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Eddie Kamae

Aug. 24, 1927

Culture
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Tradition
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Early in his career, Eddie Kamae became known as a master of the ukulele. Through his work as a musician, composer and filmmaker, he became a key figure in Hawaii's cultural renaissance. Bethesda, Maryland, 2007, photograph by Alan Govenar
Eddie Kamae, courtesy Hawaiian Legacy Foundation
Eddie Kamae and his band, 2007 National Heritage Fellowship Concert, Bethesda, Maryland, photograph by Alan Hatchett
Eddie Kamae, 2007 National Heritage Fellowship Concert, Bethesda, Maryland, photograph by Alan Hatchett
Eddie Kamae, 2007 National Heritage Fellowship Concert, Bethesda, Maryland, photograph by Michael G. Stewart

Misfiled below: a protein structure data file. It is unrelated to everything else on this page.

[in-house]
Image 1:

Eddie Kamae, 2007 National Heritage Fellowship Concert, Bethesda, Maryland, photograph by Alan Hatchett
Eddie Kamae, 2007 National Heritage Fellowship Concert, Bethesda, Maryland, photograph by Michael G. Stewart
Eddie Kamae, 2007 National Heritage Fellowship Concert, Bethesda, Maryland, photograph by Michael G. Stewart.
Eddie Kamae, 2007 National Heritage Fellowship Concert, Bethesda, Maryland, photograph by Michael G. Stewart
Eddie Kamae, 2007 National Heritage Fellowship Concert, Bethesda, Maryland, photograph by Michael G. Stewart